The film version of The Maze Runner (originally written by James Dashner) was released September 19th, and has been the most recent addition to the YA book-turned-film franchise that’s been dominating Hollywood. While it’s certainly not going to reach The Hunger Games level of fame, the film has pulled in nearly $150 million worldwide so far. It’s certainly on track to be a moneymaker for the studio, especially considering it only cost $30 million to produce. We’ve also been informed that we’ll see the other books in the series made into films in the very near future.

            As for the content of the film, it carries along the central themes and ideas without wavering. There are some discrepancies between the way some of the characters are described (in looks as well as personality) and the grievers are given a much more agile look in the film, likely to create more adventure and action. There are also some elements of the plot that are brought in earlier, particularly the subplots involving Theresa and Thomas, which admittedly help the story flow better. While the film and the book certainly aren’t perfect matches, they’re each enjoyable in their own right – just don’t go into the film expecting it to be a verbatim adaptation.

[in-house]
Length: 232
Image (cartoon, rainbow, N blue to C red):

Perhaps one of the most highly anticipated films of this year is Gone Girl, based on Gillian Flynn’s best selling thriller. The idea to create the film actually came about before the book was even released, after a producer friend of Reese Witherspoon’s got her hands on a manuscript and convinced the actress to use her production company to make the film. Flynn sold the rights to the film for a staggering $1.5 million only three weeks after the book hit shelves and was signed on to adapt the book into a screenplay (a role she felt comfortable taking thanks to her experience as a film writer). Other promising additions to the film include the celebrated director David Fincher, whose credits include The Social Network, The Girl with the Dragon Tattoo, and The Curious Case of Benjamin Button which are all highly recommended and easily available to watch online or on demand (click here for more info). Fincher also brought in Academy Award winning musicians Trent Reznor and Atticus Ross to create the score.